Hydropower can be traced back to over two thousand years. In its simplest form, the Chinese, during their Han dynasty, used falling water powering tilt hammers to process grains, ores, and paper. The ancient Greeks created waterwheels for similar purposes around the same time.
It was not until the First Industrial Revolution that modern hydropower took shape. The year 1827 brought about invention of the turbine by French engineer, Benoit Fourneyron. In 1831, Michael Faraday created the first electric generator. The combination thereof with modifications and improvements over 50 years later, in 1882, resulted in the first hydroelectric power plant opened in Appleton, Wisconsin, powering a paper mill and two other buildings. This event, unknown to those at the time, would cause the advent of numerous environmental and social debacles. We will go over these issues in the Geographic and Social Costs section.
Hydroelectric power plants sprung up like weeds around the turn of the 20th century and continued to experience significant construction growth throughout the mid-1900’s, all over the world. By the 1970’s, people began to rally against the unregulated expansions of these projects. People like Dr. Hans Neu (pronounced Noy).
Dr. Hans Neu
Dr. Hans Neu was a German engineer and oceanographer who, ahead of his time, predicted how the storage of water in reservoirs and the eventual release back into the environment, disrupts the natural seasonal hydrological cycle. Before we delve into his work, it is important to get a picture of his background and the reasons why his voice still resonates today.
Before migrating to Canada in the early 1950’s, Neu worked as a mechanical engineer on small low-head rivers and the building of dams in Germany. Due to increasing political turmoil at home, he and his wife migrated to Canada where Hans soon worked for the National Research Council (NRC) in Ottawa: the scientific research wing of Canadian government. In that era of marine research in Canada, the country lacked research professionals and would often hire those from overseas, namely Europe.
During his time at the NRC, Neu was responsible for helping design construction variations and flows through the Saint Lawrence River waterways to bypass obstructed sections. Another major project he was tasked with was recommending changes to a Fraser River tidal project for deep-sea navigation that had been switching hands between the University of British Columbia, the British Columbia Department of Public Works, and private industry. In both of these experiences, politics limited the scope of Neu’s attempts to ameliorate project impacts on the environment. Lacking freedom and feeling frustrated, Neu decided to work at the Bedford Institute of Oceanography (BIO), a newly-funded research institute based in Darthmouth, Nova Scotia. Neu worked at BIO until the day he retired.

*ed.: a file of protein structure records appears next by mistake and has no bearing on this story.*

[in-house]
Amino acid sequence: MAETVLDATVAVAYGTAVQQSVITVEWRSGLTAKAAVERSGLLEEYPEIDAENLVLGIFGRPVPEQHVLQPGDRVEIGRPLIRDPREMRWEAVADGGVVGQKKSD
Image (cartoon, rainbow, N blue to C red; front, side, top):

The BIO chapter of Hans Neu’s career allowed him to conduct research across different branches of oceanography and allowed him to research further and wider. Some of these areas include: improving the layout of the Halifax harbor, the hydrodynamics of Chedabucto Bay, decade-long investigations into the wave action climate of the Atlantic Ocean, sedimentation in Rivière-au-Tonnerre, and even ice drift in the Arctic. Through meticulous online queries, visits to BIO and the NRC, we have acquired much of Neu’s research for your perusal below.
Based on his years of dam design and construction work in Germany and his extensive research across Canada, Neu’s understanding of environmental ramifications from oceanographic and riverine engineering projects grew and he became passionate about how environmental condemnation costs from these projects outweighed the benefits. Beginning in the 1960’s, Neu turned to the press and wrote a number of research papers about the effects of hydropower runoff (which you can read below): Man-Made Storage of Water Resources—A Liability to the Ocean Environment? Part I & II and Runoff Regulation for Hydro-Power and its Effect on the Ocean Environment.
Chief amongst his concerns were the cascading effects of what seasonal discharges of reservoir water back into the environment would cause: aggravating water temperature levels, water salinity affecting boundary mixing in estuaries, sediment deposition changing spawning rates for fish, and the lack of nutrients causing wide-spread, complete trophic level disturbances.
Neu’s work across oceanography and marine research has been used as primary-sourced literature for scientists and as historical records for subsequent work. He has been cited in the seminal Silenced Rivers: The Ecology and Politics of Large Dams by Patrick McCully. Until the end, Hans Neu was an adamant dissenter of hydropower damming, particularly large-scale projects. Neu’s prescient voice foretold serious issues we face today including habitat destruction, fisheries collapse and climate change.